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How Do I Pack My House Plants For Moving?

How Do I Pack My House Plants For Moving?

Chris
4 minute read

Moving homes can be both exciting and difficult, especially when you have a lot of house plants to move as well! In this blog post, we list our steps for packing plants and offer tips to help keep your plants safe and snug on their journey to their new homes. Bonus: winter moving tips at the end!


A photo of two people packing their belongings 

Before diving in, we wanted to mention that moving homes is always a good opportunity for you to have a good look at your plant collection and decide if there are any plants you want to let go of at this time. This will not only lighten the moving load but will also make space for new plants when you’re settled in. We recommend spreading the plant joy by gifting these plants to family and friends.

 

A photo of a person holding a rubber plant. The planter is wrapped with brown paper.

Step 1: Secure the soil

To ensure that your soil doesn’t spill during transit, it’s ideal to keep it covered and contained. You can do this by bagging or wrapping the entire pot. You can also help keep the soil in place by gently packing newspaper over the top of the soil.

A photos of two plants that have their foliage bagged bagged. 

Step 2: Protect foliage

If you have any house plants that have delicate foliage, such as Monsteras or succulents, wrap the plants with a bag or with newspaper to help protect the leaves.

 

A person packing house plants into a plastic box

Step 3: Keep them snug

To keep the plants from moving around too much in the moving vehicle, pack them gently together in a box. Use newspaper, fabrics, clothing, bubble wrap, or paper towel as padding between the pots to protect them from breaking.

 

a photo of two plants packed into a box

Extra tips:

  • Avoid watering your plants right before packing them. In the summer, damp soil in an enclosed box can cause moisture issues or even root rot. In the winter, the wet soil combined with cold weather may shock the plants' roots and can cause the soil to freeze easier.

  • If you are moving in the spring or summer, you can remove the plants from their pots and soil and pack them bare root. This will help lighten the moving load a little as well as make packing a little easier space-wise. Bonus if your plants are due for a repotting anyway!

 

Extra precautionary steps winter moving:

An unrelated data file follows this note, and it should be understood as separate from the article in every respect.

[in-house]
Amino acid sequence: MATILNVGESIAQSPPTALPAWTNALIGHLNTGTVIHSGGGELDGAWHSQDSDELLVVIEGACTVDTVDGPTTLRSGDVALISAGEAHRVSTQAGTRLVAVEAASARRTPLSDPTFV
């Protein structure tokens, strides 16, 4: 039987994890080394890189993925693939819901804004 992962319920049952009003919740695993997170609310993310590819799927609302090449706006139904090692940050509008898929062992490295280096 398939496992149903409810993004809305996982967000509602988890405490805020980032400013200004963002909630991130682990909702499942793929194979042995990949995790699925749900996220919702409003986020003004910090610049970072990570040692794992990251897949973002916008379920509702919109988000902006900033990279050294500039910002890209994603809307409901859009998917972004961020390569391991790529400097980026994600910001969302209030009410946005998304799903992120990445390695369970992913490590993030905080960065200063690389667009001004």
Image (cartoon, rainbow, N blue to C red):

A close-up photo of tin foil


1. Use tin foil

If your area is experiencing extreme cold weather when the big moving day comes around, consider using tin foil to line the insides of your boxes. Tin foil will help keep heat from escaping and will generally keep whatever is inside the box a few degrees warmer than the outside temperatures.

 

A photo of a person writing the words "FRAGILE" on a closed box

2. Use a fully enclosed box

If possible, find a box large enough so that you can completely seal the plants inside. This may not work if you have a very large plant. If that's the case, you can use a large plastic bag to cover your plant. If you're hiring professional movers, make sure you label the boxes accordingly so they know to be extra mindful while handling your precious plant babies!

 

a photo of two moving boxes

3. Consider heat packs

If you are moving very far away from your current location, you may want to look into purchasing heat packs to help generate heat inside your plant boxes. There are heat packs available that will keep your plants warm for up to 4 days!

 

A photo of a moving van being unloaded

4. Timing is crucial

During the wintertime, the house plants should be the last to be packed into the moving vehicle, and the very first to be taken out once you arrive at your new home. This will ensure the least amount of exposure time possible to the outside temperatures.

A photo of a couple sitting on the floor and packing a house plant

Every season has its challenges when it comes to moving, but with a little planning you can easily factor in the time you'll need to properly prepare your house plants for the travel. We wish you and your plants a safe journey to your new homes together! 

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